Please report citation or reference errors to , or , if you are the registered author of the cited work, log in to your RePEc Author Service profile, click on "citations" and make appropriate adjustments.:

as in new window
  1. Sarfraz K. Qureshi & G. M. Arif, 2001. "Profile of Poverty in Pakistan, 1998-99," MIMAP Technical Paper Series 2001:05, Pakistan Institute of Development Economics.
  2. Ehtisham Ahmad & Stephen Ludlow, 1989. "Poverty, Inequality and Growth in Pakistan," The Pakistan Development Review, Pakistan Institute of Development Economics, vol. 28(4), pages 831-850.
  3. Rizwana Siddiqui & Zafar Iqbal, 2001. "Tariff Reduction and Functional Income Distribution in Pakistan: A CGE Model," MIMAP Technical Paper Series 2001:10, Pakistan Institute of Development Economics.
  4. Rashid Amjad & A.R. Kemal, 1997. "Macroeconomic Policies and their Impact on Poverty Alleviation in Pakistan," The Pakistan Development Review, Pakistan Institute of Development Economics, vol. 36(1), pages 39-68.
  5. A. R. Kemal & Rehana Siddiqui & Rizwana Siddiqui, 2001. "Tariff Reduction and Income Distribution: A CGE-based Analysis for Urban and Rural Households in Pakistan," MIMAP Technical Paper Series 2001:11, Pakistan Institute of Development Economics.
  6. S.M. Naseem, 1973. "Mass Poverty in Pakistan. Some Preliminary Findings," The Pakistan Development Review, Pakistan Institute of Development Economics, vol. 12(4), pages 317-360.
  7. Shahnawaz Malik, 1996. "Determinants of Rural Poverty in Pakistan: A Micro Study," The Pakistan Development Review, Pakistan Institute of Development Economics, vol. 35(2), pages 171-187.
Full references (including those not matched with items on IDEAS)

This item is not listed on Wikipedia, on a reading list or among the top items on IDEAS.

When requesting a correction, please mention this item's handle: RePEc:pid:journl:v:39:y:2000:i:4:p:1127-1137. See general information about how to correct material in RePEc.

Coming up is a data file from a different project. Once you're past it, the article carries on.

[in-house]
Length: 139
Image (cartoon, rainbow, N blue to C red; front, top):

For technical questions regarding this item, or to correct its authors, title, abstract, bibliographic or download information, contact: (Khurram Iqbal)

If you have authored this item and are not yet registered with RePEc, we encourage you to do it here. This allows to link your profile to this item. It also allows you to accept potential citations to this item that we are uncertain about.

If references are entirely missing, you can add them using this form.

If the full references list an item that is present in RePEc, but the system did not link to it, you can help with this form.

If you know of missing items citing this one, you can help us creating those links by adding the relevant references in the same way as above, for each refering item. If you are a registered author of this item, you may also want to check the "citations" tab in your profile, as there may be some citations waiting for confirmation.

Please note that corrections may take a couple of weeks to filter through the various RePEc services.

This information is provided to you by IDEAS at the Research Division of the Federal Reserve Bank of St. Louis using RePEc data.